Closing educational gap starts early
The evidence is clear and accepted that Connecticut has one of the largest educational achievement gaps in the nation. For many years, lower income and minority students have scored considerably lower on standardized tests than have their white, wealthier peers.
Yet even as state education officials and lawmakers have made careers working on programming and policies aimed at narrowing this gap, too many residents of suburban towns, including many throughout southeastern Connecticut, consider the achievement gap as something that happens someplace else, to someone else's children.
Sorry to disappointment, but the truth is that achievement gaps exist in nearly every school district.
Children enter kindergarten with vast differences. The children who begin school with the fewest enriching life experiences often are the same ones who struggle academically. Sadly, the gap that exists among 5-year-olds often persists, even widens, as children grow older.
Teachers and administrators have known this for years. Some 15 years ago, a local suburban elementary school principal summed up the challenges of igniting a love for reading in some young children. It is difficult to get a child who has never been to circus to love a book about elephants and acrobats, she said. Another school administrator in another local town, echoed those sentiments: Some children start school able to discuss the various micro-systems of a beach; others start school having never seen a beach.
If the first step to solving a problem is acknowledging one exists, the good news for young children is that many more superintendents and boards of education in the region have acknowledged that one way to work to set young children on the path to education success is to institute all-day kindergarten.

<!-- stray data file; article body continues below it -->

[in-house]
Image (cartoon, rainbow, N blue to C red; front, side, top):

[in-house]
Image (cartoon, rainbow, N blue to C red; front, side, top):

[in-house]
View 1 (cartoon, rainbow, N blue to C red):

In the 2012-2013 school year, 74 percent of Connecticut's school districts offered all-day kindergarten. In the current school year, that percentage leaped to 88. Locally, East Lyme, Griswold, Ledyard, Montville and Stonington added all-day kindergarten programs, joining towns such as Waterford, Groton and New London that have had the programming for longer. The Norwich school board appears committed to moving toward universal all-day kindergarten, despite facing tough budget constraints set by the City Council.
Administrators in the districts just completing a full school year with all-day kindergarten are happily reporting encouraging results.
Take this example from Stonington: a mid-year assessment found some 90 percent of the town's kindergarteners at goal for language arts. Before the adding of an extra 2.5 hours a day of kindergarten, results from the annual assessment had remained stubbornly consistent for years: about 60 percent of kindergarteners would be at goal at mid-year. Put another way, Stonington kindergarteners demonstrated a level of language arts achievement mid-way through the school year that their predecessors had consistently demonstrated only by the end of the school year.
Some studies of the long-term impact of preschool and all-day kindergarten continue to show the positive effects of early childhood programming dissipates by third grade. Lawmakers in some states use these studies to argue that all-day kindergarten or universal preschool wastes taxpayer money.
What a cynical calculation. The conclusion to be drawn from such studies is not that preschool preparation and all-day kindergarten are a waste, but instead that our schools and families need to do a better job of sustaining the positive effects. With an increased focus on assuring all students learn a core curriculum, steps to boost parent involvement, and better measures to evaluate teacher performance, our schools are putting in place tools to guard against academic retrogression.
The next challenge is expanding preschool opportunities, with the ultimate goal of universal preschool. As with all-day kindergarten, a quality preschool program equips children to learn when they begin their formal education and closes the achievement gap.
Taxpayers in some towns have rebelled, as was the case with all-day kindergarten. As a state, we need to figure out how to afford it. The return will be well worth the investment.
The editorial board is composed of the publisher and four journalists of varied editing and reporting backgrounds. The board's discussions and information gained from its meetings with political, civic, and business leaders drive the institutional voice of The Day, as expressed in its editorials. The editorial department operates separately from the newsroom.
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